Trump's tax reform plan is a mixed bag for real estate

Thursday, 28 Sep, 2017

Trump says he wants to work with Democrats to fill in those details, but Republican leaders say they'll likely use a special rule to pass tax reform without Democratic support.

The Republicans have not achieved major legislative successes since Trump took office in January despite their control of the White House and Congress.

As recently as this past weekend, Trump said he hoped for a 15 percent rate, which he has argued is key for US job creation.

The new top tax rate for small businesses will be 25 percent.

However, current law provides married couples with two children tax exempt status on the first $28,900. In an announcement Wednesday, the White House provided the skeleton of the plan, which would, unsurprisingly, but corporate and individual taxes.

But many lawmakers say reform will only happen if both parties work together.

President Donald Trump and congressional Republicans have unveiled a long-awaited outline of their tax reform plan that will affect all American individuals and businesses, but one big thing was left out: how to pay for it.

Sen. Tim Scott, R-S.C., said, "If I could say it as simply as possible, I would say that this tax reform conversation is about #keepyomoney".

The new tax plan, he explained, would encourage more companies to bring jobs back to the United States.

Repeal of the alternative minimum tax. The plan also eliminates the estate tax, which only applies to those with assets valued above $5.49 million.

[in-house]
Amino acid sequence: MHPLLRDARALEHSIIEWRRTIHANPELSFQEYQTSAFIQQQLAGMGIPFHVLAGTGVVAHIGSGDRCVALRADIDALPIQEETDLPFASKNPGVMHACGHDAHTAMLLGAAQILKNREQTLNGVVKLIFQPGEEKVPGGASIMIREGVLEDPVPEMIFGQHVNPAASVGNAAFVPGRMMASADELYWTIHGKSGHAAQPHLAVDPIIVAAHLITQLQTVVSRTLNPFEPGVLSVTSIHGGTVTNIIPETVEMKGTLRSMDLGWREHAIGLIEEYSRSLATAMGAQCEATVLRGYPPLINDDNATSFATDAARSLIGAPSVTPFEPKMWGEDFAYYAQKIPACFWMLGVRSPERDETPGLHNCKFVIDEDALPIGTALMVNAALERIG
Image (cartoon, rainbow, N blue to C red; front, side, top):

Three tax brackets: 12%, 25%, and 35% (currently there are seven brackets, with the lowest one being 10% and the top one being 39.6%). A meeting of congressional Republicans took place earlier September 27, where House Ways and Means Committee chairman Kevin Brady spoke about the tax plan, which was warmly welcomed.

But the president says it would be offset by nearly doubling the standard deduction - $24,000 for married taxpayers filing jointly, $12,000 for single filers. That almost doubles the current standard deductions.

An end to taxation of US companies' worldwide income and a move to a territorial system.

Most deductions apart from home mortgage interest and charitable deductions would be eliminated, including the deduction for state and local taxes, which now provide a major break on federal income taxes for residents of coastal and high-tax states.

"The reason they would do that is to make sure that we achieve our goals of making this a middle class tax cut that is at least as progressive as the current system and that doesn't shift the tax burden from higher income to lower income households", the official explained.

In many Democratic states that have high local taxes, like California, New York, and New Jersey, they will see their state and local tax deduction reduced in order to help fund the federal cuts.